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Who can consent to a police search of private property?

In the world of criminal law, the Fourth Amendment to the U.S. Constitution is of paramount importance. This legal provision affords property owners protection against unlawful searches and requires police to obtain a search warrant if consent to a search isn't offered. When police fail to heed this legal foundation, any evidence collected from an illegal search could be thrown out when defending against criminal charges during trial.

Not long ago, the U.S. Supreme Court weighed in on a case that has serious implications for the Fourth Amendment. This recent case, Fernandez v. California, addresses situations in which one occupant of a home refuses to allow a police search, but a different occupant offers consent. The justices ultimately decided in favor law enforcement in allowing searches when at least one legal occupant of a residence allows police in for a search.

By issuing this ruling, the nation's high court rolled back a decision handed down in 2006. According to the earlier case, police would not be allowed to enter a residence if one occupant offers consent and the other doesn't. In offering dissent related to the more recent case, one justice noted that the ruling allows law enforcement to work around the warrant requirement.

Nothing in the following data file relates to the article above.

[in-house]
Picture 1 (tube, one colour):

In siding with the majority, Justice Alito noted that denying police the ability to search when one person offers consent infringes on that person's right to control property. Regardless, this decision adds a layer of complexity to certain aspects of criminal defense. Without knowledge of case law, an individual unfortunately may not know whether or not a police search is being conducted legally.

Source: ABA Journal, "Cops may search home when suspect objects but girlfriend later consents, Supreme Court says," Debra Cassens Weiss, Feb. 25, 2014

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